While capex has declined from its 2012 peak, such spending remains elevated relative to cash flow from operations, limiting the cash available for distribution to shareholders. As a result, miners’ balance sheets have become increasingly strained.
At the same time, activist investors have responded to miners’ financial difficulties by increasingly targeting these companies for aggressive reform. This is especially true in North America, where shareholder activism is well developed.
To reassure generalist investors that they are committed to addressing their balance sheet problems, mining companies should develop a financing plan that can withstand a range of market scenarios—including swings in commodity prices, input costs, and foreign-exchange rates.
To prepare for possible attention from activist investors, miners can proactively perform a do-it-yourself “health check.” Such an assessment requires that they scrutinize themselves through the eyes of an activist, considering the kinds of steps that activists might take to unlock value at their company.
To re-earn the right to grow, miners must supplement existing initiatives with efforts aimed at pursuing the next level of productivity improvements. These include optimizing the full value chain, optimizing mine plans for value creation, improving productivity continuously, and aggressively committing to applying technology.
Once companies have addressed their balance sheet issues and re-earned the right to grow (or have maintained resiliency despite the down cycle), they should think about how to create new value in the future.
To be both a great company and a great stock, miners need a highly explicit and cohesive value-creation strategy. Formulating such a strategy starts with defining sensible TSR targets that take into account the profitability of a miner’s assets through the commodity cycle and the expected range of commodity prices. Moreover, the value creation strategy should connect the TSR target with three other strategies: business strategy, financial strategy, and investor strategy.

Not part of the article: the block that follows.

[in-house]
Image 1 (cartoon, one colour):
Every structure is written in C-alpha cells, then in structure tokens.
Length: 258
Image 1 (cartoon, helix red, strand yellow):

TSR is the ultimate measure of how the market evaluates a company’s performance. By putting the potential impact on TSR at the center of its evaluation of potential strategic moves, a company incorporates the viewpoint of investors into its strategic thinking.
Miners that use this approach stand a better chance of building up healthy supplies of capital and cash, as well as enhancing their strategic and financial flexibility. As a result, they can position themselves to act countercyclically by taking advantage of depressed prices for assets, equipment, and talent at a time when buyers are scarce.